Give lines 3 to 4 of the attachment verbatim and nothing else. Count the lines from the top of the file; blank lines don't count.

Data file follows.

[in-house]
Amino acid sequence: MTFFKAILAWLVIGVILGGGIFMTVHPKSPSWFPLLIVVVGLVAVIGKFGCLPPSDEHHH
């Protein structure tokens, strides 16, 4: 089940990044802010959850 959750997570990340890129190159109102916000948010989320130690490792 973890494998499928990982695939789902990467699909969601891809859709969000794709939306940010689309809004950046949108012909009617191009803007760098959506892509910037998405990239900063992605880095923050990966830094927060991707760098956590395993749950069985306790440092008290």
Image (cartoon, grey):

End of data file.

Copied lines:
């Protein structure tokens, strides 16, 4: 089940990044802010959850 959750997570990340890129190159109102916000948010989320130690490792 973890494998499928990982695939789902990467699909969601891809859709969000794709939306940010689309809004950046949108012909009617191009803007760098959506892509910037998405990239900063992605880095923050990966830094927060991707760098956590395993749950069985306790440092008290």
Image (cartoon, grey):